Human brain mapping doesn’t go back as far as one might think. The first brain activation studies used positron emission tomography (PET) back in the late 1980s. Functional magnetic resonance imaging, or fMRI, followed in the early 90s and went on to radically change neuroimaging .
Given that it’s such early days for brain mapping, it makes sense that most of the experiments we see follow similar formats, particularly when it comes to data analysis. This paper by Pujol and colleagues is refreshing—it’s broken one of the ‘rules’. I recommend checking it out here.
In analysing the images taken in an fMRI experiment it’s common to specify a model based on assumptions about the typical time courses of activation in the brain. Specifying the times of stimulation and rest results in a contrast—if all goes according to plan—between these conditions.
These authors cite a problem with this, particularly in investigations of pain or emotion. They reckon we can’t anticipate response duration in these states, and it’s likely that brain responses typically persist after withdrawal of the nociceptive or evocative stimulus. Hence this group explored temporal dynamics; they had no a priori hypothesis with regard to expected activation time courses.
In adjusting the generated activation maps for the duration of the brain responses (termed, data-driven analysis) this group captured some stuff that’s been missed with traditional methods. They found more robust activation patterns in the “pain matrix” than have been found in the past and they also provide evidence for a comparatively stronger correlation with subjective pain levels.
This study compared brain activation maps of nine patients with fibromyalgia to two groups of healthy controls. Control group 1 served to compare brain response to a fixed mechanical pressure able to provoke severe pain in the fibromyalgia patients (4kg/cm2), while control group 2 was instead matched to the patients on levels of perceived pain; 6.8 kg/cm2 produced a similar pain severity level in both groups. Pressure was applied to the subjects’ thumbnails in nine-second stimulation blocks, interleaved with 21-second periods of rest.
Here are the findings that I think were most interesting… In a temporal analysis of brain activation at 4kg/cm2 of pressure, signal changes were of similar duration in patients and controls in the somatosensory components of the brain (bilateral parietal cortex) and persisted, in both groups, for twice the duration of the applied stimulus. When looking at the insular component however, only the fibromyalgia patients had consistent signal increases which persisted long after stimulus withdrawal. In light of the prevailing theory that the insula is part of the medial pain system, involved with assigning meaning and emotion to the pain experience , I think it’s possible that the pain evoked greater emotion in the patients than the controls.
Pain scores were widely correlated with brain activation in the data-driven analysis, involving much of the pain matrix. But a conventional model-driven approach didn’t show this correlation with subjective pain.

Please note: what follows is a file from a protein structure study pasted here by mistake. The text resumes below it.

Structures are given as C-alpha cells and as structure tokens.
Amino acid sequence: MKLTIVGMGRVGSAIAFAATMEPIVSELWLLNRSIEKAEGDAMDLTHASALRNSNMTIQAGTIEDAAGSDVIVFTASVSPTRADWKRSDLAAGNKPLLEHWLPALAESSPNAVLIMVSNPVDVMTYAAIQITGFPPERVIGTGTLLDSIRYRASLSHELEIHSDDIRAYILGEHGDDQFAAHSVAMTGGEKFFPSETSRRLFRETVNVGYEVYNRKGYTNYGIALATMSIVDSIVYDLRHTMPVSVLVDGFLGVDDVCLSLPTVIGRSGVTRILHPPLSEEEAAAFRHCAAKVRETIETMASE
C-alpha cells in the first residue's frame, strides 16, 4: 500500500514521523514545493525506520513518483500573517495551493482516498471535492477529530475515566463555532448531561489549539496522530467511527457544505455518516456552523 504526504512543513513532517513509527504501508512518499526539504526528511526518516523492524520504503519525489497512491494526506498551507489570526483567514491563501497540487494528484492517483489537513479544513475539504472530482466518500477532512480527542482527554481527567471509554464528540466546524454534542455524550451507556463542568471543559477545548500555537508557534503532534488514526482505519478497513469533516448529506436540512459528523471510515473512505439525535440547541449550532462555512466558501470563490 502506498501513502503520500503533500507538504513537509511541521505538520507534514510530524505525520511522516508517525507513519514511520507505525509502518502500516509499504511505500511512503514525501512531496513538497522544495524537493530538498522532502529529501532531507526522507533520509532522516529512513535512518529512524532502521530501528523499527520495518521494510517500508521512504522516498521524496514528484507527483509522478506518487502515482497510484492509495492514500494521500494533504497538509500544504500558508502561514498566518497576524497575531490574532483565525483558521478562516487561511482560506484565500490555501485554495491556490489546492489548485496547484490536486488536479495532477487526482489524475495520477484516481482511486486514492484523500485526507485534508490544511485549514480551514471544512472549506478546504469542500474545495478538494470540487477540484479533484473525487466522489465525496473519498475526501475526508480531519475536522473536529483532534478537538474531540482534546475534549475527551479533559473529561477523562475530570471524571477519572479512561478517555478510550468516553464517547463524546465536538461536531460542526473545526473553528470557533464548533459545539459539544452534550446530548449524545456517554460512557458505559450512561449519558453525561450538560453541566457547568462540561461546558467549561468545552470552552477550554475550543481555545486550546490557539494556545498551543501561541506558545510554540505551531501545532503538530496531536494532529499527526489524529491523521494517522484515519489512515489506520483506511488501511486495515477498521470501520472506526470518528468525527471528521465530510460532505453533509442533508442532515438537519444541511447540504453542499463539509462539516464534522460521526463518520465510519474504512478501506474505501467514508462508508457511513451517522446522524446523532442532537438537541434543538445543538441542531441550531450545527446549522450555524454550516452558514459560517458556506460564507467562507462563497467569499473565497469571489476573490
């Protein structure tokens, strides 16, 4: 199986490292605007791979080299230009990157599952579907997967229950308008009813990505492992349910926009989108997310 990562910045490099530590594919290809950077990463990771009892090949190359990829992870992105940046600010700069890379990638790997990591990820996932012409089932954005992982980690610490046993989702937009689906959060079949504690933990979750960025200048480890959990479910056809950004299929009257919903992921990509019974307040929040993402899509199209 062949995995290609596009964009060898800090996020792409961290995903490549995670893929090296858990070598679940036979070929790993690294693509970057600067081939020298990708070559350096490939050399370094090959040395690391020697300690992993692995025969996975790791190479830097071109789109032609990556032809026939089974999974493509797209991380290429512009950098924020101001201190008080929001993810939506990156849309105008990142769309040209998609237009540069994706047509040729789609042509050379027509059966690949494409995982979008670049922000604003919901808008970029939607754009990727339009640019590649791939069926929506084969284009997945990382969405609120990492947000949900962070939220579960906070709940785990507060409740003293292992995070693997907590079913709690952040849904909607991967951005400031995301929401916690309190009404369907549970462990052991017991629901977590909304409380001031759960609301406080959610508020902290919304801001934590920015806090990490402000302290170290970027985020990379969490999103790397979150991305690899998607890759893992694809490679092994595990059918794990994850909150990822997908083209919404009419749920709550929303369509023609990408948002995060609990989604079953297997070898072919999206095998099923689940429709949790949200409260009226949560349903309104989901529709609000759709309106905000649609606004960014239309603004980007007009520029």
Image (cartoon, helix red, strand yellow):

In comparing the activation patterns between the fibromyalgia patients and the second control group, again responses in the regions involved with the sensory aspects of nociception were similar across groups. However the patients again showed significantly greater activation in sub-cortical structures as compared with the healthy controls—despite being matched, this time, for perceived pain levels.
I think that the temporal analysis aspect of this paper is of great significance. These investigators have bravely thought outside the brain-mapping-box and in doing so have come up with some compelling findings. The evidence of prolonged activation in medial structures in the fibromyalgia patients is likely to be particularly important to our understanding of the emotional and affective dimension of the pain experience.
Flavia Di Pietro
Flavia Di Pietro is a PhD student in the Body and Mind Research Group, Sydney. She is investigating the development of Complex Regional Pain Syndrome (CRPS) after wrist fracture. Specifically, Flavia’s PhD involves brain scanning people who are in a higher than usual amount of pain in the first 3 weeks after the fracture, and then following them for a few months. Her question concerns whether or not there are changes in brain activation patterns that emerge before the CRPS does and if so, what do they tell us about the condition? Here is Flavia talking about what she does and a link to her published research. BiM author’s downloadable PDFs can be found here.
 Friston, K.J. (2002) A short history of statistical parametric mapping in functional neuroimaging. Technical report, Wellcome Department of Imaging Neuroscience, ION, UCL.
 Pujol J, López-Solà M, Ortiz H, Vilanova JC, Harrison BJ, et al. 2009 Mapping Brain Response to Pain in Fibromyalgia Patients Using Temporal Analysis of fMRI. PLoS ONE 4(4): e5224. doi:10.1371/journal.pone.0005224
 Kulkarni, B., Bentley, D., Elliott, R., Youell, P., Watson, A., Derbyshire, S., Frackowiak, R., Friston, K., & Jones, A. (2005). Attention to pain localization and unpleasantness discriminates the functions of the medial and lateral pain systems European Journal of Neuroscience, 21 (11), 3133-3142 DOI: 10.1111/j.1460-9568.2005.04098.x